Property taxes in King County, Washington, are on the rise once again, leaving homeowners struggling to keep up. This year, aggregate property values have increased by a staggering 21.8%, but the county’s budget-based real estate property tax revenue system means that property taxes for 2023 have still risen by 6.4%. For many, this is simply too much to bear, with some being forced to move away from the homes they have loved and lived in for decades. Take Winona Gram, for example, who has lived in Sammamish for 30 years. This beautiful area, at the other side of the Sammamish, 20 miles east from Seattle Downtown, is struggling with skyrocketing taxes.
When her taxes almost doubled over the last six years, she found that she could no longer afford to live there on a teacher’s salary. It was a heartbreaking decision, but one that she had to make in order to stay financially afloat. She had no choice but to move to South King County, leaving behind the community that she had been a part of for so long. Ron Farrell is another example of someone who is struggling to keep up with the rising property taxes for their real estate investments. Having owned his King County home for nearly two decades, he has seen taxes rise about four times the value of what it was when he first moved in. And, with a son in college (that’s expensive in the US, you know), he is now looking to move to another state after living in Washington for over 50 years.
How Are Property Taxes in King County, Washington, Calculated and What You Should Pay
Both Farrell and Gram are just two of the many people who are being priced out of the homes they have lived in for years. And, while some may try to appeal the assessed value of their home with the county, this is often a long and tedious process. The fact is that voters have approved many of the levies that are driving up property taxes, and the county has made it clear that local schools and state schools will be the beneficiaries of this year’s property tax revenues.
Many homeowners are wondering where the accountability lies. After all, they are paying higher and higher taxes every year without seeing any real benefits in return. And, as people continue to be priced out of their homes, the long-term impact on the schools is a growing concern.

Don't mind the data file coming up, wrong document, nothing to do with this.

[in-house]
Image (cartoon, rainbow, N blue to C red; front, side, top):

According to Smart Asset, an average house in the King County (CP 98001), for a $500,000 value house, is around $5,250 this year. This is higher than the statewide average that is $4,200, but closer to the nationwide average, that is $4,950 for 2023. However, this is still just an estimate, and there may be discrepancies based on your individual circumstances. You better go to your local city hall and find the correct numbers.
What Does the County Do With Your Taxes?
Paying property taxes is an unavoidable burden that homeowners have to bear. Unfortunately, calculating how much you will owe can be a frustratingly complex and unreliable process. While it may seem like a straightforward calculation based on your property’s assessed value and tax rates, there are actually multiple rates to consider, and even using median property taxes as a guide can only provide an estimate.
You have to consider that taxes over your real estate properties have a purpose. Different entities receive funding from property taxes, including the state, county, local schools, and emergency responders. This means that not only are you paying a hefty amount in taxes, but you’re also supporting multiple organizations with varying priorities and accountability.